Eddy Grant39s “Electric Avenue”

“Electric Avenue” was one of the biggest MTV hits of the ’80s, and still gets crowds bumping on the dance floor. Recently I had to recreate its synth parts for a cover band’s backing track. Listening, I realized the trademark “engine-rev” sound wasn’t a synth, but actually delay effect feedback.

“Electric Avenue” was one of the biggest MTV hits of the ’80s, and still gets crowds bumping on the dance floor. Recently I had to recreate its synth parts for a cover band’s backing track. Listening, I realized the trademark “engine-rev” sound wasn’t a synth, but actually delay effect feedback.


Delays “store” incoming sounds and replay them at a settable later time. To get repeats, some of the delayed signal is fed back into the input. If the feedback is high enough, the delay will self-oscillate, like how a mic feeds back when pointed at a speaker. This can turn into something that sounds nothing like the original input. By adjusting the delay time, you can “play” the pitch of this monster noise. This is what’s behind the “Electric Avenue” motorcycle rev.

Be careful when cranking up feedback with hardware or software delays! Volume can get out of control and blow speakers, amps, and ears, so turn the master volume down for safety. Scroll down for online extras, including a signal diagram and audio examples.

1. Any delay will work, but different types have different tones. “Electric Avenue” sounds like an ’80s analog “bucket brigade” delay. For this example, I used my Electro-Harmonix Stereo Poly Chorus re-issue. Though it’s called a chorus, under the hood it’s a short analog delay, and makes great roaring sounds — and lots of other watery weirdness! You can use newer digital delays, but old-school analog and tape delays typically have the tastiest feedback.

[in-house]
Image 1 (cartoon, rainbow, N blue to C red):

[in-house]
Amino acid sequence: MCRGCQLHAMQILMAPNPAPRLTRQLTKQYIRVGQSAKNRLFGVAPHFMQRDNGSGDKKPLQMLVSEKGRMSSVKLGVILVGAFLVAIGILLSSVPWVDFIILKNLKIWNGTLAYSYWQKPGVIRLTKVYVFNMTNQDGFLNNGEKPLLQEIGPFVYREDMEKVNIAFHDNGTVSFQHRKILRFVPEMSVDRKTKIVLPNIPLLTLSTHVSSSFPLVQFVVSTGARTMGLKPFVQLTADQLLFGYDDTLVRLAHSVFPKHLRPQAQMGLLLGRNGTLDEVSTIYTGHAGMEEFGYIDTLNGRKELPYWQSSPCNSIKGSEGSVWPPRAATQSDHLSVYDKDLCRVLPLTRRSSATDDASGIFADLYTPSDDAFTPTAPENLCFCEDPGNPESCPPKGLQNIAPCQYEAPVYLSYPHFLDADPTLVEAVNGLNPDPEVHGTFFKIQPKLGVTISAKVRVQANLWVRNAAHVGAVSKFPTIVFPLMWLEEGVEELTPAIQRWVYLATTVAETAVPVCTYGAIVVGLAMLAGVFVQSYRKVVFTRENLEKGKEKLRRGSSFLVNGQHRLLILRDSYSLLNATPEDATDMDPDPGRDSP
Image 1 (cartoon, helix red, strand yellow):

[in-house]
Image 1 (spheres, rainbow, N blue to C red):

2. Here’s the weird part. It doesn’t matter too much what your initial input sound is, because the delay’s own feedback tonality is so dominant. Try a quick, bright synth bass; anything brief with a wide range of harmonics should be fine.

3. Set the delay time close to maximum and the repeats about halfway up. Play a note. Now try cranking the feedback almost all the way (again, watch the volume). Once it’s feeding back without you holding a note, play with the delay time knob. This should get you into “engine revving” territory.

4. It takes a little time for the feedback loop to bloom harmonically. Because I wanted to record many passes of revving sounds without playing a note and starting over every time, I left the delay in infinite feedback and improvised a gate so I could turn the sound on and off by playing keys on my modular synth. I fed the pedal output to the synth's VCA and controlled it with a simple on/off envelope triggered by the keyboard. Now I could play the keyboard with my left hand and twist the delay time knob with my right.

5. You can do the same in a DAW by setting up a simple synth with a delay insert effect, followed by a noise gate with a sidechain input. The main channel would use a synth with a brief tone for the delay input. On a second track, insert a synth with any simple on/off sound (such as an organ) and select its output as the input for the noise gate’s sidechain. Play a note on the first synth and crank the feedback. At first, bypass the gate so you can hear the delay feed back. Now, un-bypass the gate, switch to the second synth, and use it to “play” the effected sound.

Online Extras - Notes, Diagram, and Audio

The idea with this patch is to create analog (or digital) delay feedback and adjust the delay time in real time to change the pitch of the "engine rev," and additionally set up a keyboard as an "on/off" switch. This way we can play in time with a track with the left hand, and twirl the delay time knob with the right hand. Obviously, you'll want the delay to be next to the keyboard, not on the floor as you'll need to tweak the delay time.

There are a number of different ways to do this either "in-the-box" (i.e. within a computer DAW environment) or outside as I did here. I prefer the "external" approach, mainly because real analog delays usually have a lot more character and distort in funnier more obnoxious ways than their software counterparts. Here I'll detail how I did it in analog synth/stompbox world.